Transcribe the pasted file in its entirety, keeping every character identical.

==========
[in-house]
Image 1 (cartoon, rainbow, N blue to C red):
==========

[in-house]
Image 1 (cartoon, rainbow, N blue to C red):